Here’s a thought experiment I instinctively apply when evaluating this or that public policy: If I were revived after being frozen 500 years, and the policy were still in place, how would I feel?
Call it the “Buck Rogers” test.
I don’t know about you, but if I woke up 500 years from now and discovered that “affirmative action” still existed, I’d want to freaking strangle somebody. If we still had to have ‘welfare’ in any recognizable form, I’d be pretty sad. On the flip side, if there were still a military maintained with taxation I’d be like ‘well of course’. If there were still public education of some sort (not necessarily its current form) I’d be nonplussed.
On more specific items: if I heard there were still something called the “Department of Housing And Urban Development”, I’d launch into a deep existential depression. I’d have a similar reaction to learning any of the following about 2491 America from Erin Gray upon being unfrozen: the government still regulates the size of toilet-flushes; the government still has farm subsidies; the government still taxes income by garnishing peoples’ paychecks and then once a year forcing them to do a giant intrusive questionnaire/calculation based on arcane/labyrinthine rules; the government still launders a 30-year-fixed mortgage subsidy through Fannie and Freddie; the government still dictates how many miles-per-gallon-of-gasoline land vehicles must get; the government still hands out food stamps; the government still cites and imprisons people for transferring cannabis to one another.
Whatever you may think of these policies and/or programs now, you must admit that it would be depressing as hell to learn they’ll still be in place 500 years from now. And if you don’t think so: honestly, there’s something deeply wrong with you. One of the strengths of the Buck Rogers test is that it forces one to think long-term about the policies they favor. Is it a short-term fix, just “for now” (and if so, when/under what circumstances can it end??), or is it something you’d be comfortable embedding into society permanently? Many of the above policies may have justifications now, but as permanent embedded features of society, even many of their supporters would have to agree they just stink.
But another, related, strength is that it forces one to be honest with oneself about the arguments they use for policies. For example, if you claim affirmative action is “still needed” because “we’re not there yet”, you either must admit that (a) it can and should go away eventually, or (b) you’re being a damn phony with that argument.
Staying with affirmative action, assuming the answer is (a), this naturally raises the question: Well, when can we get rid of it? The pro-AA answer is, essentially, “I dunno, but certainly not yet!!”. Ok fair enough, but when? Most AA supporters do not appear to have thought that far in advance. But they should, and the Buck Rogers test forces them to. Regardless of how much one favors AA, are its supporters willing to declare that it can and should still be around 500 years from now? To say “yes” is to essentially admit that one doesn’t even believe AA can or will achieve its supposed goal (racial equality), but to say “no” is to admit that the policy should sunset. In either case the anti-AA are far more comfortable putting their position to the Buck Rogers test than are the pro-AA.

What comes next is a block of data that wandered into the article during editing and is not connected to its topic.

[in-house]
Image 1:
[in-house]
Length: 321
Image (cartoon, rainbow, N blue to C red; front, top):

There was a brief shining moment during the debates over the Iraq war when the left appeared to grasp the power of this sort of argument. That is, for a while at least, the Left became quite fond of asking for ‘metrics’, for tangible ‘benchmarks’, against which one could measure the progress of the Iraq occupation and thereby declare victory. This was all well and good, the only problem being the Left has never shown a propensity to apply this principle to any other aspect of public policy, before or since. What pray tell are the ‘metrics’ for affirmative action, for welfare, for progressive taxation by which one could declare the equivalent of ‘victory’ and stop agitating for their increase?
Of course, there are none. The Left’s infatuation with ‘metrics’ was short-lived and highly specific.
It should come as no surprise that most if not all of my policy preferences pass the Buck Rogers test. On most issues you can name, my position is one I’d be perfectly comfortable and happy to learn is still in place in 2491.
What about you?
What about the “progressive” left? How much of the “progress” so passionately favored by “progressives” really survives the Buck Rogers thought experiment? This really gets back to the idea of progress most aptly stated by Ronald Reagan, in a quote I’ve always heard and dug up (and didn’t find anyone claiming was bogus):
Welfare’s purpose should be to eliminate, as far as possible, the need for its own existence.
That, to me, would be progress. So how do “progressives” measure progress, I wonder?
As we grapple with the most perplexing and frustrating news of our time, the failure of all efforts to stop the oil leak in the Gulf, I think it’s important to service truth and apprehend the causes and effects in play here accurately and honestly. Sometimes the truth hurts but this is the only way we as a nation can not only progress past this crisis but, hopefully, learn and grow from it.
It is to this end and only with the highest and noblest motives in mind that I, in direct language that may appear blunt (but which I think we all need to hear), have decided to come out and state the unspoken but obvious truth where other, lesser commentators and pundits are afraid to:
The Gulf of Mexico is racist.